Signs and posters are often carried by activists at marches and protests to represent their views. Using an ecofeminist lens, I will examine the use of protest signs from the September 27th, 2019 Climate March in Montreal. Ecofeminism is a branch of feminist theory that examines the connection between women and nature, and argues that women are generally more closely affected by environmental issues and will often fight harder to create change (Mies & Shiva, 1993). I will explore the visual geographies of the signs carried by the participants of the Climate March, in the context of environmental activism, as well as exploring why these signs might be relevant at this time. Using 4 GoPro Hero 7 cameras with 4K video, I filmed the entirety of the Climate March, positioning myself near the starting point on Park Ave. I then created still images of selected signs, choosing signs that contained images and messages broadly related to ecofeminism. I will explore this sample of the signs from the September 27th Climate March, examining the ecofeminist issues present on the signs, by examining the messages and images. My analysis will allow me to identify trends, in the imagery and messages of the climate poster signs, as well as provide an in-depth discussion of certain key individual signs. For example, there was a substantial number of signs focused on or referencing Greta Thunberg, as well as parts of her speeches. There were also many prominent references to the Earth as “mother.” While the signs I examine are a sample of all the signs present at the March, they can be used to represent trends in issues, such as women’s issues, that the participant believe to be relevant to the current climate change situation, and thus can be used to examine how climate change is being viewed, in the context of ecofeminism.
Mies, M., & Shiva, V. (1993). Ecofeminism (4. impr). Fernwood Publ. [u.a.].
Unless we radically alter our present course, industrial activity will warm the planet by 3°C to 4 °C by the end of the century. The scientific community has warned of the dire consequences of such a seismic climatic shift. With high levels of certainty, we can expect heat waves, coastal flooding, and uncontrollable forest fires that once only occurred every hundred years to become annual occurrences. The attendant human impacts will include famines, conflict, and displacement of hundreds of millions. We will ensure that a million species of plants and animals go extinct. It is not unfathomable that humans will count themselves among them. We have to accept our failure and try something new, or make our peace with an unacceptable future. Thankfully, a social movement is growing to fill the vacuum left by leadership. Thanks to radical action by grassroots campaigns — like Greta Thunberg’s Fridays for Future and millions marching in cities around the world, the Sunrise Movement that brought put the Green New Deal center stage in this year’s US election, and the global spread of civil disobedience ignited by the UK’s Extinction Rebellion — radical ideas are entering the mainstream. Wartime mobilization and rationing are now opinions represented in mainstream media. But even with all these heartening developments, success is anything but inevitable, and the hardest work is still ahead. Here in Canada, our lack of ambition is embarrassing. Domestically, our pledged reductions would warm the planet by 4 to over 5 degrees if other nations acted analogously. Internationally, we export more carbon dioxide in the oil that leaves our borders than we emit within them. How can the international community take our resolve to honour the Paris Agreement seriously? Why should other nations, especially those who we are indebted to help and that have the least capacity and agency to transform their economies, hinder their own development while they witness the world’s wealthiest do nothing? Affluent nations, through exporting fuels, finances, and dictating how the global South runs their economies, are taking these nations for a ride to hell. Even though the most emissions have yet to come and would come from developing countries, they’d be chasing our economic fantasy. It’s up to the affluent world to lead. Keeping our feet on the ground, what can we do in Canada to make sure world succeeds? We will discuss what Canada’s fair share of climate action looks like and how can it be achieved. We’ll also look at some practical ways for Canada, as a nation-state, to do its part, but also what kind of political action is required of citizens to ensure it steps up to the task.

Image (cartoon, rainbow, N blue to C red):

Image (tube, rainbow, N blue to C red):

This event is brought to you by the Loyola College for Diversity and Sustainability and the Loyola Sustainability Research Centre with the support of the Office of the Vice-President, Research and Graduate Studies; the Faculty of Arts and Science; the Canada Excellence Research Chair in Smart, Sustainable and Resilient Communities and Cities; the John Molson School of Business; and the Departments of Biology; Communication Studies; Economics; Geography, Planning and Environment; Management; and Political Science at Concordia University.